Socrates’ gadfly-ing had legs--and stung so much--because he started questioning the value of Athenian glory at a time when it was unraveling. People like Plato and Xenophon were likely more willing to listen because the pride their grandfathers had was no longer with them. They needed something new. When Athens no longer had the power to cast itself towards military and political ambition, it turned to thinking. Plato started the Academy, Hippocrates founded western medicine, and Thucydides launched western political theory. All of these men, and the society around them, were shaped by the downfall of Athens and the identity crisis that came with it. Only after decades of giving into demagoguery and blind nationalism were the Athenians ready to practice Socratic self-examination.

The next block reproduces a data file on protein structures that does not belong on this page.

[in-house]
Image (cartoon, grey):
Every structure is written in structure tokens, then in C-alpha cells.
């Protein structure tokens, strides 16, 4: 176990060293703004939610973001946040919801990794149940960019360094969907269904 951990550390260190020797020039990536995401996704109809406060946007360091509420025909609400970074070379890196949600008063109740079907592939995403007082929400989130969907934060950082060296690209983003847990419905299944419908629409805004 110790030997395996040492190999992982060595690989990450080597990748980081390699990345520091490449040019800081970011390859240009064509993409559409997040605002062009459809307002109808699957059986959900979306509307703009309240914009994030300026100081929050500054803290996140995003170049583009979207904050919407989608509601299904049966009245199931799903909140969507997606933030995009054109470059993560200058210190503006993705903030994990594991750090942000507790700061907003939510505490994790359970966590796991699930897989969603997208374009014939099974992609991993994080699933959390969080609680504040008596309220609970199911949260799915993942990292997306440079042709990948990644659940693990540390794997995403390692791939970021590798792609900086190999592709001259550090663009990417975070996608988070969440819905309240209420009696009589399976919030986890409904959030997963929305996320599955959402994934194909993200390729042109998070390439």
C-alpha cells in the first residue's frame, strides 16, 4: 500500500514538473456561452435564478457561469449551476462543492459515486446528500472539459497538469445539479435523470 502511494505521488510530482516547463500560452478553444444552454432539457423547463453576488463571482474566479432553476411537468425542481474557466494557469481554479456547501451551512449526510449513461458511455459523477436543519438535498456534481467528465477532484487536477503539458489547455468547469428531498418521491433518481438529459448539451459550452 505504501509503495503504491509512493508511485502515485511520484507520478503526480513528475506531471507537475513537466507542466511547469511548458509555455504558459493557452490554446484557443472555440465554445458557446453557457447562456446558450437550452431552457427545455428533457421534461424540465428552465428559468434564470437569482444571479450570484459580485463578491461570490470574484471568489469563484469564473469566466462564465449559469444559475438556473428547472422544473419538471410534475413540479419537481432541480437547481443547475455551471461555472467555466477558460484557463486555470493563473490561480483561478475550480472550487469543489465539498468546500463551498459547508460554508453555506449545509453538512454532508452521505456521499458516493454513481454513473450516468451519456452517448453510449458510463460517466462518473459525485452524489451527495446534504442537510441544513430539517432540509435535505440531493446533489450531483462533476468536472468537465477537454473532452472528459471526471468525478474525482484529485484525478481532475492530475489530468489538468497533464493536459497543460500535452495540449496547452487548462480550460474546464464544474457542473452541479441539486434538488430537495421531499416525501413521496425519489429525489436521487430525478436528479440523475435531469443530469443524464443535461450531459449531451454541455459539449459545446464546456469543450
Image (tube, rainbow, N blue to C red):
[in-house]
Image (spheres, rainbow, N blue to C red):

Had the Athenians not been brought low by their own short-sightedness and self-ingratiation, perhaps these figures that we continue to idolize as figureheads of Western thought may have never have generated their most important work. Herein lies a feature of Athenian history that Goldstein misses: before Socrates, Athens was never all that “great”--at least, it was still far away from the unimaginable (and unreplicated) heights it achieved. Athens was rich, beautiful, and cultured, yes, but many other cities during and before its time were as well. The most incredible gifts that Athens gave us came only after it hit rock bottom. The principles that we admire from Socrates and Plato were not “betrayed” at his death: their seeds had just then been planted.
What Goldstein describes as Athenian greatness - the elevation of critical thinking as a way of evaluating purpose and ethical intuitions - did not end with Socrates. Rather, it was within the crucible of the illiberalism Goldstein bemoans that Socrates founded the line of philosophical inquiry that subsequently came to be recognized as a foundational element of Western civilization and thought.